Referring to the three issues listed above, the first usually shows up among people who become so enamored with the idea of “ruling and reigning” that they are oblivious to the cost that comes with this kind of power (e.g., crucifixion).[12] As to the second issue, I find that it sometimes produces unadulterated devotion to a single church leader at the expense of ostracizing those who do not share this devotion (even though they are followers of Christ). At its core, this turning away from fellow believers in the name of “loyalty” is nothing more than idolatry and is in direct conflict with Paul’s admonition to the Corinthians when he says, “So then, no more boasting about men! All things are yours, whether Paul or Apollos or Cephas or the world or life or death or the present or the future—all are yours, and you are of Christ, and Christ is of God” (1 Cor. 3:21-23).

Finally, if any question remains as to how we should function as agents of Christ’s authority and power, Paul at least clarifies what we are not to do: “My conscience is clear, but that does not make me innocent. It is the Lord who judges me. Therefore judge nothing before the appointed time; wait until the Lord comes. He will bring to light what is hidden in darkness and will expose the motives of the heart. At that time each will receive their praise from God.” (4:4-5). I do not know how to make this scripture any clearer than it already is; it speaks for itself without any help from me. If Paul is correct (and if I am not taking his words out of context), then we should judge nothing until the Lord comes.[13] So, where exactly does that leave us?

Despite what some may think, I am not suggesting that we should all just lead ourselves, picking and choosing how we want to submit to authority. Rather, I am pointing us toward what I think could be a more perfect plan to bind us together in a spirit of faithfulness and so protect us from the abuse of power. Among people who are preparing for the kingdom of heaven, the reality of what unity and faithfulness should look like is summed up in Philippians 2:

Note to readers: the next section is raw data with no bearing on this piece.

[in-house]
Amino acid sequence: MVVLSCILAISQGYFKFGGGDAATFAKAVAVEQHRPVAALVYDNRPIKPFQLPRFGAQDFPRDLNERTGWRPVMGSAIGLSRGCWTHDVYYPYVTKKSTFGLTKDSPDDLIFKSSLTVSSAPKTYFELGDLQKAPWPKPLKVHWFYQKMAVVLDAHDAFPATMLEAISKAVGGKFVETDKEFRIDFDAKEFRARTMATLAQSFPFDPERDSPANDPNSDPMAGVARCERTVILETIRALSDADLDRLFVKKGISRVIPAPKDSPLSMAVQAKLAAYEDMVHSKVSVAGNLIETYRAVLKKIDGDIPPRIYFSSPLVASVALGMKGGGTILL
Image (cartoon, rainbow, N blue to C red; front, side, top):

“If you have any encouragement from being united with Christ, if any comfort from his love, if any common sharing in the Spirit, if any tenderness and compassion, then make my joy complete by being like-minded, having the same love, being one in spirit and of one mind. Do nothing out of selfish ambition or vain conceit. Rather, in humility value others above yourselves, not looking to your own interests but each of you to the interests of the others.” (2:1-4)

Paul has just defined kingdom order. As we know, factions arise among us when our convictions drift so far apart that they become irreconcilable. The question remains: why are our convictions diverging in the first place? Perhaps multiple reasons exist, but I want to suggest the possibility that either you or I (or both of us) have taken our eyes off of Christ.[14] In Philippians 2:1-4, the first factor in the equation is unity with Christ. This is the essential element because it is only when we are united in Christ that our convictions become identical. Being united in Christ means understanding his nature and character, and working with all of our hearts to emulate that character by way of a vital gift from heaven—the Holy Spirit, who is our living witness of the resurrected Son and the assurance of everlasting life.[15] Once we are united with Christ by his Spirit, the other components begin to lock into place: we become like-minded, we have the same love (and convictions), we unite in spirit and purpose (we share a vision that is universal because it is the vision of Christ rather than the vision of a single church or individual), and we begin to relate to one another in a spirit of humility. As easy as this last part sounds, it is often the most difficult to grasp. Humility is not second nature to me; I hope it is to you.

Based on the previous scripture, then, the key to unity is humility. Unfortunately, many believers think of unity as something inorganic that must be imposed by the hierarchy lined out in 1 Corinthians 12:28 and Ephesians 4:11. However, what Paul may be saying in 1 Corinthians 12:28 is that Yahshua appointed the apostles—as messengers of the good news and as prototypes for the new way of being—before he appointed anyone else in the church. Put simply, they came first in a chronological sequence and were entrusted with one task: to cultivate a body wherein the working “parts should have equal concern for each other” (1 Cor. 12:25).[16] Also, Ephesians 4:11 is often preached to justify the five-fold ministry (and perhaps rightly so) while the ultimate purpose of this order is overlooked: “so that the body of Christ may be built up until we reach unity in the faith and in the knowledge of the Son of God and become mature, attaining to the whole measure of the fullness of Christ.” (4:12).